Early success can fossilize an artist or slow his growth, but that would not happen with Chang Fee Ming. His “watercolour world”changes as the waves of the South China Sea and as the chameleon that runs on the jambu trees. First hailed as an artist who painted Malay kampong scenes, he excelled in batik cloth, then was famous for people without heads, then for Burmese monks in monochrome robes. Balinese women with their legs in the water, Laotian rivers, Cambodian ponds of lotus… How can Fee Ming renew himself so much? How can he tackle subjects so various, and still be equally successful – each of his different approaches acclaimed by a following of collectors?

First Guru

One secret lies in the beauty of Fee Ming’s first “guru” – the Terengganu of his childhood. That beauty is both rich and romantic. It is made of memories of ancient kingdoms nestled by rivers that ran through forests of gigantic trees, of stories of seafaring people migrating to sundrenched shores. The state itself is a long stretch of land tucked between the mountains of the Banjaran Titiwangsa (the Main Range of Peninsular Malaysia) on the west and the South China Sea on the east. To the north lies the border state of Kelantan and on the south the vast plantations of Pahang. The Kemaman, the Dungun and the Terengganu rivers flow from hills covered with jungles inhabited by tigers and elephants down to estuaries where small towns-actually gatherings of villages-where born from fishing and maritime activities.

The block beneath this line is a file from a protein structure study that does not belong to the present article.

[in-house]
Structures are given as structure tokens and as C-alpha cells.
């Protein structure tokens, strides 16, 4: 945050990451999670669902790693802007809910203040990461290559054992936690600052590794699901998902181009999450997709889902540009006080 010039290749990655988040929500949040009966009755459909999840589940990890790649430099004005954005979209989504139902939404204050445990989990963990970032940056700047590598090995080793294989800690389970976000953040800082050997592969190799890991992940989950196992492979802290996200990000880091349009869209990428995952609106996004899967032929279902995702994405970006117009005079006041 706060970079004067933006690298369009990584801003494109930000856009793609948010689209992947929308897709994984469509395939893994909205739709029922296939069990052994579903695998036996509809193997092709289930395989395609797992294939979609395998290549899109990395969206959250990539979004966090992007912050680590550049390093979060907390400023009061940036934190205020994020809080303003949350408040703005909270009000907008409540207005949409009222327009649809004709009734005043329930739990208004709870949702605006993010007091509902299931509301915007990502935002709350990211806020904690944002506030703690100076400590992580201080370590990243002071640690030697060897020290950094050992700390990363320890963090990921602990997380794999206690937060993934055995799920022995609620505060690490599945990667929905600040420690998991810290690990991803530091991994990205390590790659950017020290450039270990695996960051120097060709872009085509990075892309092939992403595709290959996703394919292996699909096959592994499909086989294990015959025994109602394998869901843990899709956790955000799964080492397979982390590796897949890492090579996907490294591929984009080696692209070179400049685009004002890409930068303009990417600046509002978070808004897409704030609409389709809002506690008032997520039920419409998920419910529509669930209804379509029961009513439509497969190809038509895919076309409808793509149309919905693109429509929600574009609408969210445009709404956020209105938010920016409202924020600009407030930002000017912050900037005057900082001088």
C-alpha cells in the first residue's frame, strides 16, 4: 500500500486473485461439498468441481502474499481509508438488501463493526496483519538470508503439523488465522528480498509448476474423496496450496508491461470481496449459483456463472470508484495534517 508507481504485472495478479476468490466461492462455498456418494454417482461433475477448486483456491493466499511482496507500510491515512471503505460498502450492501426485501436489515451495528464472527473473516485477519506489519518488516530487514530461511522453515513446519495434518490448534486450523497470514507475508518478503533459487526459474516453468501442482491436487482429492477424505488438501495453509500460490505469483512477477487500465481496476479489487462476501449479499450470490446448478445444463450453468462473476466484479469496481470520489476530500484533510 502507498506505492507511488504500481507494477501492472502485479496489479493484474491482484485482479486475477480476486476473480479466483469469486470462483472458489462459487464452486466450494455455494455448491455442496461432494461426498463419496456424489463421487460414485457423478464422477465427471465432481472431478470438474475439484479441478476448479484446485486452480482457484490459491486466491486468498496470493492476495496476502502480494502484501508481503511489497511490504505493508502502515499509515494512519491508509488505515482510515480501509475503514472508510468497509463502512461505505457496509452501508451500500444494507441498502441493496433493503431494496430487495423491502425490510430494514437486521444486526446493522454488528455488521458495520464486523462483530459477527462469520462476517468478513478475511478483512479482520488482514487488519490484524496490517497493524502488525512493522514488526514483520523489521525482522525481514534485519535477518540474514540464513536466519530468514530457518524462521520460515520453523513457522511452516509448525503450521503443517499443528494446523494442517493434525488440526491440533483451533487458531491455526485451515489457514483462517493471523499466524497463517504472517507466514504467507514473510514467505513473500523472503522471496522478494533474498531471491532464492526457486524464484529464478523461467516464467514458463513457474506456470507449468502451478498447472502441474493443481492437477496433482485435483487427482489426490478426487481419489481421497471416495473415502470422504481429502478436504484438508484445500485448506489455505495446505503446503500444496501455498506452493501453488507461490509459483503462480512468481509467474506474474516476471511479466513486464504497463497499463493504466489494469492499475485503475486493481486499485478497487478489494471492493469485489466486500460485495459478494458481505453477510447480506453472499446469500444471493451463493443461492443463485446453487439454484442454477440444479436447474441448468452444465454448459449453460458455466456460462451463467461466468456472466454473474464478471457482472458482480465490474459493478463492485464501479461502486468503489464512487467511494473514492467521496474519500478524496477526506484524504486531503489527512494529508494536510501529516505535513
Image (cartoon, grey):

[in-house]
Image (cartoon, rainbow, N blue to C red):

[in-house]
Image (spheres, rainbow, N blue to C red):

These were days of legends when deities were summoned to help mortals. In the Ulit Mayang ceremony, no less than seven fairy princesses descend from their abode above the sea to heal sick fisherman. Islam, though, was adopted as early as the beginning of the 15 th century. Since then, the hours in “Terengganu Darul Iman” – the Home of the Faith-are marked by the call of the azan, and the years by the return of Ramadhan, the Fasting month.